The logo for Twitter is displayed on a screen on the floor of the NYSE in New York
Twitter employees have filed a suit against the social media company for not paying 2022 bonuses despite multiple promises. Reuters

Twitter employees have sued the social media company for not paying bonuses. Apparently, they were not paid tens of millions of dollars in bonuses despite being assured that they would be. Twitter employees filed the lawsuit in the San Francisco federal court on June 20, 2023.

Twitter executives accused of speaking with a forked tongue

Several top executives of the company including former CFO Ned Segal repeatedly assured the employees that they would get the full amount of their 2022 bonuses. However, with Elon Musk's arrival, the company hasn't kept the promises it made so far.

Rubbing salt into their wounds, Musk recently announced that the social media company will start paying content creators for ads in their replies, further noting that the first block payment totals $5 million (about £4,019,250). Lawyers for the lead plaintiff, Mark Schobinger, who is a former Head of Executive and Incentive Compensation at Twitter, are seeking a class-action lawsuit. They represent former and existing Twitter staff.

In the report, Shobinger pointed out that "Twitter refused to pay employees who remained employed by the company in the first quarter of 2023 any bonus." Similarly, the employees claim Twitter's management repeatedly promised them that their annual bonus for last year would be paid under the Bonus Plan. These promises were made before and after Musk acquired Twitter in October 2022.

Attorney for the plaintiffs, Shannon Liss-Riordan says Twitter owes "tens of millions of dollars" in bonuses. It is worth noting that the social media giant has a cash performance bonus plan that is paid every year. A Bloomberg report claims Twitter staff were promised to be paid 50 per cent of their target accounts in the form of bonuses ahead of Musk's acquisition of the company. However, the company failed to pay at least half of the target amounts for last year's bonuses.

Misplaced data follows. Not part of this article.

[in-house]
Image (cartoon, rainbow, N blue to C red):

Things are looking very bad for Twitter

Musk has disbanded the company's media relations team, according to the folks at IT Home. Twitter has been sued several times since the 51-year-old business magnate acquired the company. Moreover, Instagram is reportedly on the verge of unveiling a text-based app that will compete with Twitter. So, it is safe to say that things aren't looking great for Musk's social media platform.

Unsurprisingly, Twitter has failed to pay its bills including rent. In fact, it has been reported that employees who were laid off did not get compensation in the form of severance pay. Twitter's workforce has been cut down by 75 per cent due to mass resignations and layoffs since the Musk takeover.

More trouble for Twitter

Apart from the lawsuit filed by Twitter employees against the company, multiple brands have backed out of Twitter after losing trust. The company has also failed in terms of getting rid of harmful, violent, and hateful content from the platform.

As a result, Twitter saw a drop of 59 per cent in its ad revenue, according to a report by The New York Times. As if that weren't enough, the company is being sued for a whopping $250 million (about £196,238,000.00) due to copyright infringement by a group of 17 publishers. These publishers are led by the National Music Publishers' Association.

According to the lawsuit, Twitter has been unfairly benefiting from copyright infringement for a while now. A report by The Guardian implies that the lawsuit alleges that Twitter allows users to post unlicensed music. Musk has previously stated that copyright "goes absurdly far beyond protecting the original creator" and that "overzealous" application of copyright laws "is a plague on humanity."

The suit claims Musk's statements exert pressure on the company's employees who are part of the trust and safety team. It is also worth noting that the National Music Publishers' Association brought this suit on behalf of firms including Universal Music Publishing Group, BMG Rights Management, and Sony Music Publishing.